12 and the Best Horses on this
cuit Will Compete for Prizes.
Corvaliis people are going to have
the pleasure of witnessing some really
good racing at the Driving Park, the
horsemen of the city and county having'
arranged for a big three day's meet
here on June 10, 11, 12, when some of
the best horses on the local circuit will
be entered in the various events.
The committee having the meet in
charge has made every provision for
the occasion, the track being now put
in the best possible condition and suffi
cient funds raised to assure at least one
thousand dollars in purses. The best
of order will be maintained . and the
ladies are especially invited to see the
.sport. . ' . -
j The program, has been made up as
follows, and the events each day will
'be well worth seeing: . -.
June 10 Benton County driving'
horses 3:00 minute class, 2 in 3. Purse :
$75:00. r ' '-T: -i-;.;v:.; :
Running one-half mile dash, free-for-all.
Purse $100.00. ,
. .Pace or trot, 2 -25 class, free-for-all,
r . TT . . - " ! horses, one mile walk, one :' mile ti'Dt,
Improving the WiUaasciie
one mile run." PTfl'SS $50.00."
- June 11 Running race, ' 4 1-2 fur
longs, free-for-all.. Purse $100.00-". -
Benton county four-year-olds, pace or
trot, 2 in 3. Purse $75.00.
- Pace or trot, 2:20 class, free-for-all
2 in 3. Purse $100.00.
j Boys' Pony Race, 1-2 mile dash..
' Purse $25.00.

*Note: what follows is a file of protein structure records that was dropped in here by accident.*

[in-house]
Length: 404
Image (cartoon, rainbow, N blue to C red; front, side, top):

j June 12 Running 5-8 mile dash, free-
for-all. Purse $100.00. '
! Pane nr t.rnt. Ranf-nn prnnT Virvfuoc
Laptam JNewt Graham, master of the 2 in 3. Purse $100.00.
Willamette River dredge 1 Running 3-8 mile dash, free-for-all.
ported iii person to the office of the Parse $100.00.
United States Engineers. .The Math-' . Running one mile dash, free-for-all',
loma was washing boiler at Salem. Cap- Purse $100.00.
tain Graham said that the dredge is do- Charles L. Baker, of the Hotel. Cor
ing splendid work on the upper Willam- vallis, is the secretary and all informa
ette River and that the stream is in tion relative to the meet can be obtain
better condition at present than it has ei from him.
ever been for years. ' ,
5 j Miss Edna Thomson, of Jefferson, is
Daily Gazette 50 cents a month. ' the guest of her sister, Miss Nora.
Our 45th Anniversary Sale closes
Just three days more of bargains
"'",' Contract Goods Excepted ,
easing.:. 1